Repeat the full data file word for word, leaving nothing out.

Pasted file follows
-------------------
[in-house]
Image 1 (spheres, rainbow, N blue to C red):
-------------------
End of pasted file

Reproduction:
[in-house]
Image 1 (spheres, rainbow, N blue to C red):